After the accidental post-election press conference at Four Seasons Total Landscaping in Philadelphia this past November, Jeff Lyons, long-time runner and co-host of the Junk Miles podcast, had an idea: Run 11 miles from Four Seasons Total Landscaping to the Four Seasons hotel near Center City.
He created a quick map on MapMyRun and posted it on Twitter, tagging a few of his friends who are fairly prominent in the Philadelphia running community. And just like that, The Fraud Street Run — a play off of The Broad Street Run, a Philadelphia-based race that’s one of the most popular in the country — was born.
Little did Jeff know this last-minute race, which started as a joke, would turn into a global event that raised more than $56,000.
In a recent episode of That Solo Life: The Solo PR Podcast, Karen and Michelle chat with Jeff about his experience creating and launching The Fraud Street Run, including some very important PR lessons he learned from it.
1. Move quickly and ask for help
Though Jeff does have a marketing background — he works in web development at a local university — this was by no means a planned marketing campaign. It was simply a random idea, followed by a tweet. He thought it would be a small run with a few friends.
But that tweet quickly gained traction, not just from the running community, but from CNN’s Jake Tapper, too. Jeff knew that, if he wanted this run to really turn into something, and if he wanted to maintain control over it, he couldn’t waste any time.
“When you’re doing this sort of viral, online guerilla marketing,” Jeff says, “you’ve got to get out quick and strike while the iron’s hot.” Within just three days of putting the idea out there, he created a logo and started getting t-shirts made.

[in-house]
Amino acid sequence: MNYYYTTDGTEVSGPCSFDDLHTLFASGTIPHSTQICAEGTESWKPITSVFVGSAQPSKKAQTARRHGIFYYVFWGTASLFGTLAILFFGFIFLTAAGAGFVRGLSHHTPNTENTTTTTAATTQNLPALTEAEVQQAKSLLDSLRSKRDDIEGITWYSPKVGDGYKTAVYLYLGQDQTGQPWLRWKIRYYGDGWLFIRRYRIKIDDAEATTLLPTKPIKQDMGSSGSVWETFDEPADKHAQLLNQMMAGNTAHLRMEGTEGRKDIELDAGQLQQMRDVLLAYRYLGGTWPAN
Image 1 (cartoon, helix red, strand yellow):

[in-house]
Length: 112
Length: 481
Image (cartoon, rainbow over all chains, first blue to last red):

To help him pull it off, he reached out to people in his network, including those who had experience creating races or other types of events and those who’d ordered mass amounts of t-shirts before.
“When you’re in a pressure situation like that, you rely on all the contacts you’ve made over the years,” Jeff says.
2. Choose the path of positivity
The 2020 election season was a tumultuous time period for many people in the United States. Anything associated with it — like The Fraud Street Run, for instance — could have easily become quite negative.
From the start, Jeff knew that wasn’t the tone he wanted to take. He didn’t want to go low, and he wanted to stay away from partisan politics because that could take a nasty turn. Rather, the message he wanted to convey was, “Let’s be positive. Something dumb happened, and we’ll make it dumber, as we do in Philadelphia.”
So, they decided to turn it into a charity event and chose Philabundance, an amazing hunger relief organization in the area. Because Jeff had volunteered there before, he knew how they use their money and how they make sure to actually deliver food to people who need it.
“From a marketing point of view,” Jeff says, “[the race] took on a life of its own once we said we want to raise money for a charity. A positive message really helps spread the word.”
3. Be willing to pivot
Even after deciding to make it into a charity event, Jeff still believed only a handful of people would sign up and they’d raise a few hundred dollars. Because of this, the original plan was very no-frills and low-key.
In the running world, these races are typically called “fat ass races.” There are no first aid stations or medals, and no one hands out water and snacks along the way. You simply show up on race day and run the predetermined course.
But then registrations surpassed 1,000. Jeff knew there was no way they could support this many runners at the same time. Not only were there likely to be people who needed the assistance and perks of more structured races, but they also needed to make sure they could follow the COVID-19 social distancing guidelines.
So, they changed things up. Instead of everyone meeting at the same time to run it, registrants could run the 11 miles whenever and wherever. (And because it was The Fraud Street Run, they could even take a cab instead of running.)
“You really have to be willing to change the model of how you’re doing things,” Jeff says. “You hope the feedback is good, and if not, you tweak it again.”
All in all, thousands of people all over the world — from Oregon, to Singapore, to the United Kingdom, and more — ran The Fraud Street Run.
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